"Who can it be?" Weston asked. "What is the meaning of that second shot, and the scream of pain? There's something wrong over there, that's quite evident."

"Suppose we cross over and investigate," Reynolds suggested. "It may have been a stray shot which went through my hat. But, hello! who's that?"

"Where?" Weston asked.

"Don't you see him?" and Reynolds pointed to his left. "Look, he is moving along the top of the hill toward where we heard the first shot."

The form of a man could be seen, gliding swiftly and cautiously forward, carrying a rifle. Only brief glimpses could be obtained of him as he emerged now and then from behind rocks and clumps of stunted trees, so it was impossible to make out whether he was a white man or an Indian. At length he vanished entirely for several minutes, while the curious and anxious watchers waited for him to reappear.

It seemed to them much longer than it really was before they saw him again, and this time he was standing upon a huge rock motioning with his arms.

"Why, it's Sconda!" Weston exclaimed in amazement. "What does he want?" he asked, turning to Natsu, who all the time had remained perfectly silent.

"'Come quick,' Sconda say," was the reply.

"Ask him what is the matter," Weston ordered.

This Natsu at once did, but all the answer he received was the request to hurry.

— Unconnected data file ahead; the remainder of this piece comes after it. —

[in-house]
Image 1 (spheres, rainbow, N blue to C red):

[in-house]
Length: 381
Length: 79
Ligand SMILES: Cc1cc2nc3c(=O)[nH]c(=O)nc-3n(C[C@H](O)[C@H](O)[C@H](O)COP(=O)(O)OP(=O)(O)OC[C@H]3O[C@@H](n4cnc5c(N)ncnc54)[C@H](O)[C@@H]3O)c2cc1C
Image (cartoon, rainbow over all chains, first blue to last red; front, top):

"What ails the fellow, anyway?" Weston growled. "Why can't he tell us what's wrong? Anyway, we might as well go and find out for ourselves, for there is something mysterious about this whole affair. Confound it all! I want to make a further examination of this mine and see how far it extends. This is certainly provoking."

It did not take them long to reach the bed of the creek, although they received a number of bruises and scratches in the swift descent. But the climb up the opposite hill was a difficult undertaking, and by the time they reached the top they were almost exhausted. Here they rested a few minutes, and then hurried as fast as possible toward the spot from where Sconda had signalled his message. The latter they did not again see until they had scrambled over a series of jagged rocks, and plowed their way through a tangle of scrubby bushes and trees. At last they suddenly beheld him bending over something lying upon a rock, which as they drew nearer they found to be the form of a man.